Solar storm warning: Air traffic disrupted as huge sunspot turns toward Earth | Science | New

Experts have warned that a massive sunspot on the far side of the Sun faces us this weekend, which could lead to a potential geomagnetic storm that disrupts satellites and even wreaks havoc on airline navigation systems. . These sunspots, as they are called, appear darker than their surroundings on the Sun’s surface and can extend for hundreds of millions of miles.

Sunspots are the result of magnetic disturbances in the photosphere – the lowest layer of the sun’s atmosphere – these disturbances exposing the star’s cooler layers below.

According to experts, the sunspot is “so big it’s changing the way the sun vibrates.”

If the darkened region of the Sun is unleashed releasing a solar flare towards Earth, it could affect the Earth’s magnetic field and disrupt GPS and communications satellites orbiting near the planet, as well as aircraft navigation systems.

The US-based National Oceanic and Atmospheric Administration (NOAA) Space Weather Prediction Center predicted that over the weekend the geomagnetic field around Earth would be disrupted.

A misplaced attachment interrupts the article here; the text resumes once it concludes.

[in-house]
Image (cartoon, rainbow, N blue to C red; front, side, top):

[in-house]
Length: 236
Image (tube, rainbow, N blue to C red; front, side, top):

This prediction suggests that regions in higher northern latitudes could see dazzling auroras, although it’s unclear whether this will turn into a full-fledged solar storm.

While the current sunspot was on the far side of the Sun, scientists were able to track it by studying how the star’s vibrations were affected.

Speaking to Live Science, NASA’s Solar Dynamics Observatory (SDO) project scientist Dean Pesnell said: “The Sun is continuously vibrating due to convection bubbles hitting the surface.”

Temperature differences inside the Sun continually cause hot and cold bubbles to rise and fall, which moves energy and causes vibrations that can be detected by solar observatories like NASA’s SDO.

READ MORE: Solar Storm Horror: Sun’s Blast Threatens Power Grid Outage

Solar flares are triggered by a process called “magnetic reconnection”, in which the geometry of the magnetic field in the Sun’s plasma is changed.

These flares could affect Earth by heating the clouds of electrically charged particles in the Sun’s upper atmosphere to extremely high temperatures, releasing a mass of plasma coronal mass ejections (CMEs),

Pesnell noted that Earth is likely to see solar flares heading towards it and there could be CMEs.

The NASA expert noted: “Solar flares and CMEs are the primary means by which solar activity affects Earth.

“According to my work, higher levels of solar activity mean increased drag on near-Earth orbiting satellites – and satellite operators will lose revenue if this drag de-orbits an operating satellite.”

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